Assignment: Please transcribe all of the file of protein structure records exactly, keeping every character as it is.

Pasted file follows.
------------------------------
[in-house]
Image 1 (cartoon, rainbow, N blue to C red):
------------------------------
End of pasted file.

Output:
[in-house]
Image 1 (cartoon, rainbow, N blue to C red):